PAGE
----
This is an absurd journey in which two men posing as robots go analog and defy expectations. Some casual Daft Punk fans are expressing disappointment. The word “boring” has been tossed out by those who want it harder, better, faster, stronger, one more time. Letting people down is the pitfall of mystery and hype, but Daft Punk have never shied away from risk.
Random Access Memories opens with some rock opera bombast and the song title “Give Life Back To Music.” That was certainly the goal when Thomas Bangalter and Guy-Manuel de Homem-Christo got back into the studio and mostly abandoned the samples and loops for live instrumentation. Whether or not they succeeded depends on how you want to talk about life in the music.
Large parts of the album might be lacking life if we're talking about energy and vitality. “The Game of Love” doesn't manage to convey any love at all, and the sad robot song “Within” is a bit of a snoozer. There's hardly anything like the kind of life that pulsed out of Discovery, and much of the first half of the record feels dead.
But if you want to think of music as a living organism, Daft Punk has definitely succeeded at creating life on RAM. The attention to detail in every disco groove, click track, vocal alteration and carefully deployed collaboration is fairly astounding. Almost every part feels like it has a purpose -- like the album needs it to function. According to Pitchfork, 250 separate tracks were used to make "Touch,” for which they brought in the prolific, Academy Award-winning composer Paul Williams (the result is pure cinema).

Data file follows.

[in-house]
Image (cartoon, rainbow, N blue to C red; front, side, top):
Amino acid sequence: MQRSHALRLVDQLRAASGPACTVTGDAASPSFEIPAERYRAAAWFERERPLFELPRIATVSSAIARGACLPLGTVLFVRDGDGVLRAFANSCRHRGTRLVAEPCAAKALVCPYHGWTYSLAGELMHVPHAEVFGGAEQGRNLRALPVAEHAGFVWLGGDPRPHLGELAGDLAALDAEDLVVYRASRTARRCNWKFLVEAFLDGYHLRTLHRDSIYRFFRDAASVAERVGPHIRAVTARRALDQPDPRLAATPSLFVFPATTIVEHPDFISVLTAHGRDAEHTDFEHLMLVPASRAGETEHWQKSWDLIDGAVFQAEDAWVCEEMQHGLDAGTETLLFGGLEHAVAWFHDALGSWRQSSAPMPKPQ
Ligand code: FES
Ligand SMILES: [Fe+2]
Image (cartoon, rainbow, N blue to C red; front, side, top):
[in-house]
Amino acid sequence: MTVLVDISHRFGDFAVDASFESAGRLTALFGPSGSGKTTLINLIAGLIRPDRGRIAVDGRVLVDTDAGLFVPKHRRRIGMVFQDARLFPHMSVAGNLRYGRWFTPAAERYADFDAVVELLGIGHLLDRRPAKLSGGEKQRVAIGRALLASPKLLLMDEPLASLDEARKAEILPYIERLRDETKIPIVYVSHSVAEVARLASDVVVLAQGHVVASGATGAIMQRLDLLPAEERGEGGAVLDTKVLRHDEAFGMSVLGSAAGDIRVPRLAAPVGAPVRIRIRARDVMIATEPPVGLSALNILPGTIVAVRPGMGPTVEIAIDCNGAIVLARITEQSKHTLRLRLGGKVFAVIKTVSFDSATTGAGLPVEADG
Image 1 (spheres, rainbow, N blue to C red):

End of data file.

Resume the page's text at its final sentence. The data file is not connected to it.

Speaking of collaborations, they resulted in some of the most unexpected and delightfully insane moments on RAM. Daft Punk decided to shirk expectations on this album, and part of that meant altering Julian Casablancas' trademark vocals beyond easy recognition. It also meant just letting legendary producer Giorgio Moroder talk. Even so, “Giorgio By Moroder” is still an impressive work of production art, as is the final stretch of the album, which organically builds in the epic finale, “Contact.” The last song sounds most like old Daft Punk, but more over the top, as if they're yelling. “Is this what you want?”
But that's silly. Daft Punk doesn't care what we want.